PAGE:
Roger Goodell laid out the NFL's public case for a stiffer Deshaun Watson punishment on Tuesday while stating that the Cleveland Browns quarterback engaged in "multiple violations" that were "egregious" and "predatory."
Independent officer Sue L. Robinson ruled in the league's disciplinary hearing on Aug. 1 that Watson violated the NFL's personal conduct penalty amid multiple allegations of sexual misconduct or sexual assault. She limited his ban to six games, writing that his “pattern of behavior was egregious” but “nonviolent sexual conduct."
Per the collective bargaining agreement, the NFL and NFLPA had the option to appeal the decision, which the NFL exercised as it seeks a suspension of at least one year. Goodell addressed the league's appeal from NFL meetings in Minneapolis. He used Robinson's "egregious" language while making his case.
“Because we’ve seen the evidence,” Goodell said of the reasoning for the appeal, per NFL Network. “She was very clear about the evidence, should we enforce the evidence. That there was multiple violations here, and they were egregious, and it was predatory behavior."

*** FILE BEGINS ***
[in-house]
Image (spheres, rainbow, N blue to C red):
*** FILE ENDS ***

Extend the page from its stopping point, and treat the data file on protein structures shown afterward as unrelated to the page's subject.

While 24 women accused Watson of sexual misconduct or sexual assault in civil actions, the NFL's hearing considered just four of the accusations. Goodell told reporters that the league considers them separately, rather than a single violation.
"I think that's the case," Goodell continued. "That's what the facts say."
All but one of Watson's 24 accusers have settled their civil cases out of court.
Watson's fate now lies in the hands of former New Jersey Attorney General Peter C. Harvey, who is overseeing the appeal. He was appointed by Goodell, as agreed upon in the CBA. Harvey is a former federal prosecutor who was on the NFL committee that suspended Dallas Cowboys running back Ezekiel Elliott for six games in 2017 amid an accusation of domestic violence. Harvey's eventual decision is not subject to further appeal. There is no firm timeline for Harvey to make his ruling.